Limnophila hippuridoides is a marshweed found under various names in trade for several years: "Limnophila aromatica", "L. aromaticoides", "L. hippuroides" (incorrectly written) and even "Gratiola officinalis" (a totally different species). L. hippuridoides is native to the Malayan peninsula (Malakka). It is closely related to L. aromatica and L. aromaticoides. In botanical literature it has hitherto been treated as species in its own right. It mainly differs from the other two species in flower and fruit characteristics, however, there are also some differences to be observed in the submersed forms (according to Kasselmann 20101):
- Limnophila aromatica: 2-3 leaves per stem node, of variable colour, reddish hues or green (very variable species).
- Limnophila aromaticoides (often treated as synonym of L. aromatica): 3-8 leaves per stem node, overall plant colour is exclusively light green
- Limnophila hippuridoides: 6-8 leaves per stem node, colour reddish to intensively dark red.
Similar to both other species, crushed leaves of L. hippuridoides smell more or less distinctly aromatic.
Light is the most important aspect for successfully cultivating L. hippuridoides, however, its nutrient and CO2 requirements should not be underestimated. The injection of CO2 into the tank and sufficient levels of nitrate, phosphate and micronutrients are necessary. Especially iron is of utmost importance for colour intensity and good growth. A nutrient-rich substrate (e.g. ADA Aquasoil) will speed up growth, as this species tends to develop an ample root system. A low nitrate level or a phosphate surplus will usually cause the plant to develop a very intensive colour.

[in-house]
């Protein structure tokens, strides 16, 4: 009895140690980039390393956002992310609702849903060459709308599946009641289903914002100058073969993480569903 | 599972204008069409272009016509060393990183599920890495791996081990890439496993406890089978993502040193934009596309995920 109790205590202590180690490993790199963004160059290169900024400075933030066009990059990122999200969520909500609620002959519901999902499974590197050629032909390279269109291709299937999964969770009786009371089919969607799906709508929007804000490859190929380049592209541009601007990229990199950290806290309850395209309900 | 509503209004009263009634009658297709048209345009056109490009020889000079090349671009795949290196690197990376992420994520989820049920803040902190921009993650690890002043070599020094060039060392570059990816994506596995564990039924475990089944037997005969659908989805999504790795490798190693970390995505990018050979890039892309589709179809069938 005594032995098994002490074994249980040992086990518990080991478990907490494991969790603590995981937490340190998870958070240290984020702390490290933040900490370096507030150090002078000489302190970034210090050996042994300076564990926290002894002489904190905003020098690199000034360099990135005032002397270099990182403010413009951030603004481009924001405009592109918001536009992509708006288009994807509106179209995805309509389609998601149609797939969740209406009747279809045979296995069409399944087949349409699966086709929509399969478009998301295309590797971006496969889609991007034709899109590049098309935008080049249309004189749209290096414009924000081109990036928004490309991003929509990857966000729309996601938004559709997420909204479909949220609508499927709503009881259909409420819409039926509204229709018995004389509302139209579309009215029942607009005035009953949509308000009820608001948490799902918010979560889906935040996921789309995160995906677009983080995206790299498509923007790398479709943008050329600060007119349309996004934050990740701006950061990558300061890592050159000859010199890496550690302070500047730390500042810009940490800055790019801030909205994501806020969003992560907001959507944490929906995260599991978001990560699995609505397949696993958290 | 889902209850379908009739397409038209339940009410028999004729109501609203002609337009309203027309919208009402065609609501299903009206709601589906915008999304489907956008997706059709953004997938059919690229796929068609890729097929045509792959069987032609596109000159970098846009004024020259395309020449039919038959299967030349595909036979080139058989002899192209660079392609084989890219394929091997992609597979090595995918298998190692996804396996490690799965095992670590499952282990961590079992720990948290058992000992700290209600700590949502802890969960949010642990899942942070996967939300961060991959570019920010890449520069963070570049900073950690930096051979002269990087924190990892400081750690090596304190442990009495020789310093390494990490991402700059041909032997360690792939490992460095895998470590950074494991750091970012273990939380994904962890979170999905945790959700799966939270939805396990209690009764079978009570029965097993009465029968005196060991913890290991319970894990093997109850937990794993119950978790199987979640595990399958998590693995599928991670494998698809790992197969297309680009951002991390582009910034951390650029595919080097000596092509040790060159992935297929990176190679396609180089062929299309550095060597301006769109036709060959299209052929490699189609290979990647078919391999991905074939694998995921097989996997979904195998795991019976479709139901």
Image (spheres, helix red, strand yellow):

If allowed to reach the water surface, L. hippuridoides tends to form emersed leaves. The plant can also be cultivated totally emersed on a moist substrate, e.g. loam. Under lots of light it may then grow beautiful violet flowers.
L. hippuridoides is best propagated with top shoot cuttings, however, another possibility is to sow the seeds on wet loam. Make sure to plant the cuttings you took of this large stem plant in a way that they don't shade off each other. Trimming the top shoot leads to a bushy growth habit as the plant throws many lateral shoots then.
Under lots of light this marshweed assumes a stunning dark red colour, which makes it an attractive and very effective focal point in an aquascape layout for a large tank. L. hippuridoides is best placed before a dark background or as contrast against small-leaved light green plants. It can also look exceptionally nice against a backdrop of Vallisneria spp.
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